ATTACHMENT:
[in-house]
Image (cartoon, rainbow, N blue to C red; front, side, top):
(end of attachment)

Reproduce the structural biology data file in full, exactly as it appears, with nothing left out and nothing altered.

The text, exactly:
[in-house]
Image (cartoon, rainbow, N blue to C red; front, side, top):